Two Joan Crawford films on Midnight Screenings this week.
Camp is a gas pedal for a gas of a film, but it doesn’t go the philosophical distance to explaining Mommie Dearest, a sincere expression of the personal trauma of a performative lifestyle refracted through a film where performance and life are visually and tonally so inextricably intertwined that cop-out compartments like camp and drama only continue to falsify dichotomies where they ought not exist. Is this adaptation of Christina Crawford’s tell-all excoriation of the abuse she suffered at the hands of her mother, Hollywood mega-star Joan Crawford, actually campy? Only if we consider camp as drama in the first place, not as a leper to be embraced only through the lens of irony but as a style that simultaneously acclimatizes us to its own lenses and resigns others, namely the naturalist lens, to the garbage heap.
The term “camp” is sometimes little more than a husk carted out to pacify the mind of the need to consider a film on its aesthetic merits. Although “camp” is a term of value, its frequent use also elides the camp atmosphere’s knotted-up dismissal of naturalism and embracement of fragmented eccentricity. The term reduces a film to enemy-of-art equations like “unrealistic = accidentally funny” without bothering to analyze just why a film might choose to bend the typically metalized girders of human nature into more flamboyant or expressive realms. Mommie Dearest is an outré attempt to reconcile, and complicate, Hollywood pageantry with dour reality. The film erects a mirror that refracts the Hollywood glamour impulse into a demented freakshow not by pulling back the “artifice” lens but by diving so deeply into it that it throws into disarray our ability to disconnect Joan Crawford the starlet, Joan Crawford the person, and Joan Crawford the mythic corpse exhumed by her daughter’s book. Calling it “camp” and having a field day giggling with a non-representation of reality isn’t fair. But insofar as “camp“ is a serious lens through which to reflect performative lifestyles which conform to a different throng of affectations than we’re used to, then Mommie Dearest is camp after a fashion.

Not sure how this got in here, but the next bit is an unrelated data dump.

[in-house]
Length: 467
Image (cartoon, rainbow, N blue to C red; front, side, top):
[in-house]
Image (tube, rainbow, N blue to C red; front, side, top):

But that’s beside the point. Unrealistic cinema can comment very deeply on reality, and it can even ask us to consider that what we consider to be “realistic” in a film is in fact a limited, ascetic perspective constructed by ideological norms about how “rational” people ought to act in the world. Certainly, Joan Crawford’s actions in Mommie Dearest aren’t rational, but it doesn’t follow that they aren’t real, or aren’t a version of reality to her. Which is what, after all, camp truly is, a bent reality that can channel outré impulses, but a serious reality nonetheless. Mommie Dearest isn’t a circumstantially fanciful exercise in hysterical melodrama; it’s a devoutly purposeful one, a study in Old Hollywood melodrama filtered through a woman who, as depicted, was so hysterically terrified of a lifestyle outside of the Hollywood machine that she embodied Hollywood’s melodramatic impulses and outré temperaments personally, ultimately to her doom. Introduced in a free-associative flotilla of eye, make-up, and shoe shots that reveal Crawford as she may have wanted to see herself (as a tableaux of iconography) the film also immediately paves its way to explore how those same visuals, glimpsed through a cracked-view mirror, also abstract Crawford from her humanity and warp her underneath the crooked Hollywood glamour construct.
Ironically for its unhinged reputation, Mommie Dearest is actually quite judicious and scrupulous in its deployment of imagery, especially in a glorious scene early on where a doll-faced, death-caked, made-up Crawford bends into a broken smile when her daughter stains her dress with glass. The kicker is that Crawford immediately snaps back into her rictus, fractured gorgon grin, arched to Hollywood perfection, sliding back into a bent, broken facsimile of a genuine smile meant for the camera in front of her, perhaps, but also for her own self-confidence, so inextricably stitched to her performativie edifice of Old Hollywood glamour.